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Congress Moves to Kill LightSquared Approval: Interference Threat Too Great to Ignore

Phillip Dampier June 27, 2011 Competition, LightSquared, Public Policy & Gov't, Wireless Broadband No Comments

New language in a spending bill likely to pass would prohibit the Federal Communications Commission from spending any of its budget contemplating approval of LightSquared’s application to deliver a national 4G wireless network over frequencies detractors claim would hamper or block use of GPS signals.

The language voted on in the House Appropriations Committee was approved by members of both political parties on a voice vote — another sign Congress is serious about stopping any provider from interfering with GPS technology.  A combination of concerns from the U.S. military, civil aviation, law enforcement, and private industry got a full hearing in Washington last Thursday, as GPS users complained of grave risks LightSquared could cause to aircraft in flight and the general defense of the country.

Rep. Tom Petri (R-Wisc.), chairman of the Subcommittee on Aviation, was concerned GPS interference might even cause an in-flight emergency. “In aviation, there’s no room for error,” Petri said.


Last week, just prior to the hearing, LightSquared announced its intent to move the service further away from the GPS band, but industry groups remain resolute the proposed changes would be incremental and still pose an interference problem.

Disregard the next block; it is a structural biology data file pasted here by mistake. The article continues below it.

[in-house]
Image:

Congress’ vote would seem to indicate they agree, putting the entire LightSquared project in jeopardy.

This week, new questions are also being raised about the management of LightSquared.  Critics charge the company knew about the interference issue years ago, and did little or nothing to mitigate it. Some suspect the company was banking on a lobbying effort and pressure from the White House with an interest of expanding broadband to help push through an approval despite the interference threat.

John Byrne from IDC’s wireless and mobile infrastructure research group told the Washington Post LightSquared is now faced with proving interference will not be a problem before it will win approval.

“At this point I think you have to assume that the deployment is on hold until those concerns are addressed to the satisfaction of the FCC and all of the congressmen and senators that are on the FCC on this issue,” Byrne said.

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